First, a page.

Molly Borman, founder of Just Nips

A True Blessing

Just Nips gives women, including breast cancer survivors, a perky plus.

It’s not an ordinary business, to say the least. It’s part of an industry almost synonymous with women: fashion. It’s the brainchild of businesswoman Molly Borman, 28, great-granddaughter of Borman’s Food Stores co-founder Abraham Borman.

What began as a company designed to let women celebrate their femininity with a fun, exciting and perky look has become an important part of the aftermath of one of the most devastating diseases women face: breast cancer.

Just Nips is a fake nipple company the Birmingham resident first conceived of in October 2016 and, with a lot of research, hard work and trial-and-error efforts, launched in January 2017.

Molly Borman, founder of Just Nips

Molly Borman, founder of Just Nips

“I was lucky to grow up in a family of entrepreneurs, which absolutely was a factor in my desire to start my own company,” said Borman, whose parents are Hilary Wolf Borman and Stuart Borman. “When I started Just Nips, I wanted to make a product that fuses both fashion and function. I didn’t know the first thing about starting a business, so I did what I knew how to do — network at home. I used my Detroit connections to find local lawyers, engineers and manufacturers to make my dream a reality.”

After studying English and education at the University of Michigan and using her writing talents during a five-year career as a copywriter in Ralph Lauren’s ecommerce department, Borman followed that dream to start her own fashion line of fake nipples. She brings fun and empowerment to her company, promoting “Liberty and Just Nips for All,” and letting women know they can “Look Cold and Feel Hot” (both phrases prominently featured on the product’s packaging).

“Just Nips was a fashion company, not a breast cancer company,” the entrepreneur explained, “but after going viral in the New York Post, women in the breast cancer community heard about our product and wanted to know if we used medical-grade adhesives and if Just Nips were safe to use over incisions and mastectomy scars.

“The truth is — I had no idea! I spoke with breast cancer survivors about how we could best support their needs and revamped the company around our findings. I worked with a local Michigan medical engineer to create a safe, comfortable option for all women. It was the best business decision I ever made.

“The first Just Nips prototype was a pencil eraser!” Borman continued. “I loved the weight and consistency of the rubber, but it was a nightmare to produce. I tested many different materials when developing our first product, from metal to Mardi Gras beads. We settled on a lightweight and hollow soft plastic that looks great under a T-shirt and is comfortable to wear for extended amounts of time.”

Borman explained the stick-on nipples are latex- and GMO-free, and are guaranteed safe for skin, so they can be worn all day or night. They can be worn by themselves or under or over bras and bralettes.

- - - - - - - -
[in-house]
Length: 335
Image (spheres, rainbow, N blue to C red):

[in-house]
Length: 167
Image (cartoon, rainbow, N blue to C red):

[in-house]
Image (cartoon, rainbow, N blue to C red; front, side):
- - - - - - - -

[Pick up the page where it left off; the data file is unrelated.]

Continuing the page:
Donating To Cancer Survivors

According to Borman, her product has become the leading breast cancer prosthetic nipple on the market. She noted Just Nips has a breast cancer donation program where the company matches sales of every order with product going directly to women who have lost their nipples due to breast cancer treatment. Her company works with cancer centers, chemotherapy facilities and support groups to facilitate donation of her product.

Just Nips fake nipples“We’re so lucky to be able to reach so many women through our donation program,” she said. “As our product gained publicity, women from all over the world shared their stories about post-mastectomy life without nipples. Instead of directing them to our shop page, I asked for their mailing addresses and shipped samples free of charge.  We’ve successfully donated more than 1,000 Just Nips fake nipples to breast cancer associations and women in need across the country. And soon, each box of Just Nips will have self-check breast exam instructions printed on the inside.”

This caring for those recovering from cancer extends beyond just a company ethic — it’s part of Borman’s personal life as well. As part of her Just Niptuals-themed September wedding, Borman gave away fake nipples to wedding guests and donated to women in the breast cancer community in honor of her celebration. During October, the company’s Instagram @JustNipsForAll will have daily updates coinciding with National Breast Cancer Awareness month.

“Giving back to the community is one of the most important parts of our business and such a strong Jewish value I’m proud to incorporate into my everyday life. Women reach out all the time and tell us how Just Nips have helped make them feel whole again. We’re very proud and honored to be able to support and help women on their journey, making real products for real women to make them feel good and look good.”

Just Nips cost $9.99 a pair and come in many different shapes and sizes. For details, visit www.justnipsforall.com.

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